• socialise - interact with ethers; mix socially


Reflecting on the text


In which kind of area in Cairo is the mosque of al-Sayyida Zaynab located? What kinds of shops and facilities can be found in this area?
Describe the main parts of the shrine. What are they used for?

What kind of people are to be found at the entrance which leads into the marble courtyard?
What three thresholds have to be crossed in order to enter the shrine?
Describe in your own words some of the rituals that the women perform at the Shrine. What meanings do they give to these rituals?
Why do you think the women visit the shrine? What do their prayers tell us about how they view al-Sayyida Zaynab?

How is the shrine maintained? How might the donations be used for this purpose?

What are some of the roles that the shrine has for the different types of people described in the account?



Between the human and the divine


Shrines of holy people can be viewed as sacred places that mediate between the human and the divine. The believers who use these places seek intercession and mediation as a means of asking for God's forgiveness, guidance and help. They call upon the name of a saint or holy person no intercede on behalf of them.

Intercession is an important concept in all religious traditions. Many people do not feel they are able to approach God directly. The gulf between God and human beings for, such people is too vast. They feel they are able to approach God directly. The gulf between God and human being for such people is too vast. They feel a need for a human form of mediation to which they can relate. This kind of mediation helps to make their relationship to God more personal, instead of remote and abstract.

In the account we have read, al-Sayyida provides this human interface to Egyptian women. They call her with fondness as 'mother' because they feel a special nearness to her. It is this closeness that makes them offer their prayers to God with deep feelings.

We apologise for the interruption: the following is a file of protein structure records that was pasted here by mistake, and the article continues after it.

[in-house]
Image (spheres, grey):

KEY QUESTION



How are sacred spaces viewed as source of hope and support in Muslim communities?



WORDS TO LOOK UP



Mausoleum    shrine

 
TIME LINE

 
7th century: Al-Sayyida Zaynab, the sister of Imam Husayn.



ACTIVITY



Find out more about the members of the Ahl al-bayt in Prophet's time, and their relation to one another.



MAKING CONNECTIONS


Find out more about the role of shrines in different religious traditions. What kinds of religious practices are performed in these places?



DISCUSSING ISSUES



  For some Muslim communities, shrines form an important aspect of their beliefs and practices. For other communities, They are not considered important. Discuss both viewpoints to gain a greater understanding of these two positions.

THINKING FURTHER


What role does intercession have in your faith tradition? How do the religious practices of your community reflect this aspect?


 REVIEW POINT



Shrines, tombs and mausoleums act as important spaces of prayer and gathering in Muslim societies.


4.3 Community and continuity

Community of worship

The sacred spaces of religious traditions are places of community. They provide a location where the believers can come together and experience themselves as a community of worshipers. Believers of a community are bonded to one another by their shared beliefs and values. They affirm their allegiance to their faith as one body of believers. The physical nearness of believers in a space of worship symbolises their spiritual unity.
In the places of prayer where they gather, believers give practical expression to their: belief by taking part in religious rituals, and ceremonies. The inner faith as individual is supported and strengthened by their participation in collective worship.

Spaces of continuity

Sacred spaces are also an important means by which religious communities maintain their identity. They provide continuity in time which links the past of a community with its present and future. Some sacred spaces are hundreds of years old. They embody the religious life and practices of faith communities expressed over many centuries. They symbolise the continuity of tradition and the enduring nature of spiritual life.
Some sacred spaces are of recent origins. New places of worship may be built to accommodate an increase in the population of believers in an idea. The formation of new religious movements may also lead to the setting up of new places of worship. For migrant communities settling in new regions of the world places of worship and gathering are a vital means for maintaining their tradition and their identity.
In some parts of the world, a decline in attendance in places of worship has resulted in the closing down of these places.

Muslim Communities and places of worship

Muslim communities around the world reflect a diversity of interpretations of Islam. This diversity is also reflected in their forms of practice, festivals, rites, and ceremonies. The range of cultures, ethnic backgrounds, languages and nationalities that make up the Muslim world leads to a wide variety of ways in which Muslims express their faith of Islam.
The places of worship in which Muslims gather as communities reflect this